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    Welp. ‘Dumpster fire’ is among the 850 entries Merriam-Webster is adding to its dictionary

    An actual dumpster fire.
    Jane Tyska/Bay Area News Group via AP
    An actual dumpster fire.

    You can now safely use the term “dumpster fire” with confidence in your daily lexicon, without it being looked down upon as some type of low-brow millennial slang.

    The phrase, which means “an utterly calamitous or mismanaged situation or occurrence,” can officially be found in Merriam-Webster’s online dictionary, one of hundreds of new words and definitions the Springfield-based company said Monday that it added to its reference service.

    A word makes its way into Merriam-Webster’s digital dictionary based on its widespread and sustained usage, Emily Brewster, the publication’s associate editor, said in a statement.


    “These new words have been added to the dictionary because they have become established members of the English language,” she said, “and are terms people are likely to encounter.”

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    In a blog post titled “How a Word Gets Into the Dictionary,” the company further explains that its decision to include a new term doesn’t just come from thin air — the process is meticulous, and involves editors looking for changes in everyday language, hunting down citations for evidence of a word’s consistent use across industries, and making sure it’s not just “a trendy flash in the pan that comes and goes.”

    In other words, “if you’re likely to encounter a word in the wild, whether in the news, a restaurant menu, a tech update, or a Twitter meme, that word belongs in the dictionary.”

    In total, Merriam-Webster announced Monday that it had added 850 new words and meanings to its online arsenal. Below is a snapshot of some of the best — and perhaps most notable — words that met the company’s strict criteria. (Per company policy, only a sampling of the many new terms and definitions were highlighted and mentioned in a blog post and press release.)

     Glamping: Are you a bit outdoors-y, but not so much that you’re willing to sacrifice a bed, a night stand, and maybe some indoor heating during your escape to the mountains? Then you might try “glamping,” a noun meaning “outdoor camping with amenities and comforts (such as beds, electricity, and access to indoor plumbing) not usually used when camping.”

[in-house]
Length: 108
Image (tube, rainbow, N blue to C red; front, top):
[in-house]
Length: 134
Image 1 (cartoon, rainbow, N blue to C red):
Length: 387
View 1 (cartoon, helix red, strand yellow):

With glamping, you get all the beauty and serenity of the forest — plus a plug for your iPad so you can binge-watch “This Is Us.”

     Subtweet: If you spot a comment on Twitter that rubs you the wrong way, and you decide to issue a fierce rebuttal without directly mentioning the original poster, you’re not only throwing shade — you’re also firing off a “subtweet.” This noun is summed up by Merriam-Webster as “a usually mocking or critical tweet that alludes to another Twitter user without including a link to the user’s account.” It’s a semi-stealthy way to complain about someone publicly while also avoiding conflict.

     Hate-watch: You’re at home. You walk into the living room and your roommate is watching some inane reality television show. Instead of leaving, you plop down on the couch, grab the popcorn, and start watching along with them, if only to shake your head at the train wreck in front of you while pointing a judgmental finger. This is “hate-watching,” a verb that means to “watch and take pleasure in laughing at or criticizing (a disliked television show, movie).”

     Welp: When life already feels like a dumpster fire, and then you step off the curb and into a puddle, soaking your leg, as an MBTA bus soars by and splashes you, you might hop on your iPhone and text “welp” to a friend, before launching into a tirade about how things really couldn’t get any worse. This “interjection,” as Merriam-Webster describes it, is used informally “to introduce a remark expressing resignation or disappointment.”

      Bandwidth: When using this noun, you’re no longer just talking about your Internet service provider or a massive data transfer. “Bandwidth” is often used when people refer to “the emotional or mental capacity necessary to do or consider something.” For example: Is your boss sending you a slew of Slack messages while your direct superior is asking you to do something totally unrelated to the task at hand? Meanwhile, your significant other is asking if you can leave work early to pick up the kids. It’s likely, in this case, that you lack the bandwidth to handle it all.

    Steve Annear can be reached at Follow him on Twitter @steveannear.